“ASHRAE continues to develop and present more online seminars and eLearning, Web-based courses, which are attracting larger and larger numbers of participants. Sound training in any medium or format is always good for the individual and for the industry. ASHRAE does its best to leverage the strengths of the various training delivery systems to make best use of what each does well.”

“I believe contractors have many factors to consider in making these training decisions,” he said. “There is a benefit to online training in that staff can proceed at their own rate. Offsite training allows staff to be immersed in the training program with other interested participants without the distractions of their day-to-day activities.”

Distance or online learning is not without its drawbacks. Equipment and hardware malfunctions can hinder its effectiveness. The teacher’s skills also need to be suitable for this medium; vocal dynamics are key to help keep students involved, and the teacher needs to be prepared to vamp on the spot in case a technical glitch disrupts the class agenda. Finally, not all students are suited to this type of learning. Some studies suggest that more mature students have greater success with distance learning than less mature students.

With the online delivery method of HVACR education, “you can study in your pajamas if you want,” states HVACREducation.net on its Website. “You won’t lose time at work to go to a class, or miss reading a story to your child at night because you must structure your time around class time. Class time is whenever you say class time is. It can be at 2 a.m. or 10 p.m.; class is open 24/7, 365 days a year.”

Xcel Energy and Great River Energy partnered with HVACR education.net to develop an online HVAC quality installation assessment for its 2007 Central A/C and/or Air-Source Heat Pump Rebate Program. The program focuses on proper HVAC system installation practices, which promote comfort and system efficiency.

Xcel Energy and Great River Energy sought to validate contractor understanding of the four main components of residential HVAC installation that affect comfort and energy consumption: proper equipment sizing, airflow, refrigerant charge, and duct sealing.

“Online training is becoming more widely accepted,” said Glenn. “We employ Web meetings to update our channel as it relates to product and program information. But, we have not used this as a replacement for classroom education. An online forum is convenient for scheduling, if it is a recorded program that can be viewed from archives. Unfortunately, it lacks the personal feedback mechanism available in a more traditional setting,” remarked Glenn.

PROGRAM CHANGES

The best training programs are continually re-evaluating their content and mode of delivery to meet students’ needs. “Our programs have changed in two areas: attention and focus to distance learning programs on the Internet has picked up; I am developing more courses for this medium,” said Banas.

“We have also focused and strengthened our instructor-led courses to cover more material in shorter time frames. We have a customer care group for Educational Services. We help our customers understand the course offerings, look for courses available in the customer’s market, help them register, and communicate thoroughly until the class date.”

“This is an industry that isn’t going offshore,” said Compton. “We need to attract people. We’re not tapping half of our resources out there, which are women. Certainly there are many ways women can fit into this field. It probably will always be male-dominated. However, the No. 1 area that the survey takers found is that there is a lack of knowledge of what women can do in the field.”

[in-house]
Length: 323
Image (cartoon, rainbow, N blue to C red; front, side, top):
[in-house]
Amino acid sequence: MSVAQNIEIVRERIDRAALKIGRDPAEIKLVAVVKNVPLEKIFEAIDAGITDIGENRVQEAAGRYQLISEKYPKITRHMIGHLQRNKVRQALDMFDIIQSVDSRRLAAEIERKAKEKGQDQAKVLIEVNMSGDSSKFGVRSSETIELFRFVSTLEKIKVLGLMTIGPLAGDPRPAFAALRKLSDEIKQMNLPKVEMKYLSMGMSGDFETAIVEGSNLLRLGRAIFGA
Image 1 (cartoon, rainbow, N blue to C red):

“For women and men, we need to do a better job of educating the career counselors. Contractors need to go to career fairs, places where people are informing our next generation, like career centers at junior high and high schools.”

“We’re in a weird place right now,” he added. “Upcoming retirements of the Baby Boomers, all of that is playing a big role. In some places, like Terre Haute, Ind., contractors have to be NATE-certified in order to be licensed. In the state of Idaho, we are now an approved apprenticeship source. If people live 80 miles away from a school, going there is not an option” - and the industry loses those potential workers. “Many other states are now looking at providing better resources for apprenticeship.”

Over at ASHRAE, the catalog of courses covers a wider variety of topics in a wider variety of formats and delivery systems, and that are designed for a wider variety of industry professionals, said Peterson. For example, the society offers seminars for both traditional and virtual classroom settings. “We offer eLearning, Web-based courses that are the equivalent of college-level, semester-long courses and eLearning, Web-based courses that take only a few hours to complete. In some regards, ASHRAE has been able to reach a broader audience overall by creating individual courses that are very targeted.”

“We are converting many years’ worth of video training to an interactive online format,” said Bradshaw, “to reach technicians and other dealer employees who do not have access to a training center or classroom. HVAC Learning Solutions launched a new eLearning portal in January 2008 that will enable people to study online, enroll for instructor-led classes, and track their educational progress.”

“We have added eLearning courses, partner with Strategic Training Allies, and are creating custom courses for distributors to use when teaching their dealers to reach the broadest possible audiences,” said Massey.

Publication date: 06/09/2008